Denver, Colorado – What a day! Back to United Cable headquarters with our new concept of becoming the cable industry’s first ad-supported network. Gene Schneider and his Regional Managers, Bob Ball and Harvey Boyd, could hardly believe their ears. What they had mentioned tongue in cheek just ten days earlier was now roughly our new plan.
I updated them on my travels of the last ten days – Getty, NCAA, etc. – and they were suddenly enthusiastic. The whole plan was on a single sheet of paper that carried only eleven typewritten lines. “If you pull this off, I want to be your first affiliate,” Schneider said. Now THAT was really good news.
Next stop was just around the corner to TCI – Telecommunications, Inc. – Graham Moore was Vice President of Programming for this huge MSO. He listened attentively and said, “I like your idea very much. This is something TCI will be interested in, but frankly, I don’t see how you can pull it off. I wish you well, but I don’t see how you can do it.”
Talk about emotional highs and lows. Coming on the heels of the positive United Cable visit, Graham’s comments ended this particular Denver visit on a down note.
Summing up the two days in Denver was a bit sobering: One strange visit (ATC); One disbelieving visit to the point of barely concealed smiles (Daniels); One “I want to be our first customer;” and One, “You’ll never pull it off.” Not a promising beginning, but it was time to head for the airport again – destination, Austin, Texas to get acquainted with CPI – Community Properties, Inc.
The entire whirlwind month of December is detailed in the book: Sport Junkies Rejoice – The Birth of ESPN. Great Christmas gift for you or for any ESPN fan on your list. You’ll save 25% at http://espnfounder.com/sjr_discount2011.htm.
Posted in Excitement builds
Tagged ATC, Bob_Ball, CPI, Daniels, Gene_Schneider, Graham_Moore, Harvey_Boyd, JB, NCAA_TV_Committee, TCI, United_Cable
Denver, Colorado – I was scheduled to visit ten major system headquarters in ten days. Ed Eagan was on a parallel path visiting a dozen medium-sized MSOs and independents. We had to get a sense of what the industry decision makers thought of our 24/7 sports idea…and fast – money to continue was hanging on the reactions of these twenty plus systems.
Our plan in Denver was to talk to as many people at high levels as possible and evaluate their reactions so that we could formulate a plan that worked for all systems. Te first stop at ATC – American Telecommunications was strange. (We eventually found out the cause of that feeling in Kansas City at the NCAA TV Committee meeting on January 25).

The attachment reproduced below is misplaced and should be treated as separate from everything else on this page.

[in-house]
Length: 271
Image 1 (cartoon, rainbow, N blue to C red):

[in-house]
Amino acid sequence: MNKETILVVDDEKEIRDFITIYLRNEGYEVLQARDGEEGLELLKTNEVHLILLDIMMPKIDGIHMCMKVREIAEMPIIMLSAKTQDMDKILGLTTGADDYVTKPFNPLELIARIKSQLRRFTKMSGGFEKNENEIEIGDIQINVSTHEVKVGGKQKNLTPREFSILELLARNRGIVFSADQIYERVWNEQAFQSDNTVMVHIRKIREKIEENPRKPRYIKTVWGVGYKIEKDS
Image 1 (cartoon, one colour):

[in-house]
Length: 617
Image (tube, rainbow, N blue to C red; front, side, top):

ATC was definitely not a good start for the trip and the second stop, Daniels and Associates, was even worse. Tom Johnson and Jean O’Grady listened to our pitch with barely concealed humor. Years later, they both told me that after JB and I left, they enjoyed a good laugh, never expecting to see or hear from us again.
The responses were clearly not what we needed…definitely not a good beginning to a long road trip. JB and I decided we had to have a drastic change in our offering. Just ten days ago, United cable had suggested (with tongue in cheek) that we become, “the industry’s first totally ad-supported network.” Since no one seemed interested in our “penny-a-day” theory, we decided on the spot to become primarily ad-supported along with a greatly reduced monthly subscriber fee.
That was the plan as JB left for he airport. I was on my own to introduce our “newest-greatest” plan starting the next morning back at the same place I had introduced the original idea just ten days ago – United Cable.
From a “laying the foundation” perspective, the month of December 1978 was easily the most active and exciting. We had secured the transponder is September, but had made little progress on financing, programming and customers as I left for Denver on December 4th. By December 28th, everything was in motion as you’ll read in the days ahead.
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Denver, Colorado – As the calander turned to December discussions with cable operators, the NCAA and potential investors stacked up before the Christmas holiday break.
On this day 33 years ago, I left Hartford’s Bradley Field for a one day round trip to Denver to introduce our initial proposal to Gene Schneider, President of United Cable. He was an industry pioneer in the 1950’s and was known to be the first to sign for, promote and sell the latest idea. (Our Plainville office was in his United Cable office as noted earlier).
With two of his Regional Vice Presidents sitting in to hear wht I had to say I plunged in. “We plan to deliver a 24-hour sports service to the cable industry for just a penny a day,” I announced enthusiastically. Not an eye even flickered. Here I had jsut introduced this spectacular idea and no one else at the table was even remotely excited.
At that point I heard the first of what would be many, “It’ll never work at that price,” comments among other doubts. After a few more minutes of “why it won’t work” pronouncements, Schneider said other new services (I might add that none of them proposed 24 hour service) were asking for a nickel or a dime and we won’t pay them, and you’re asking for 30 cents a month. It just won’t work on that basis.”
After an hour of being told all the reasons our plan would not work, I promised to rethink the proposed plan and return later in the month. Then it was off to the airport and back to Hartford. Reworking the proposal would be done, but I was already looking ahead to NCAA and investor meetings next week. There would be much work done before Christmas arrived.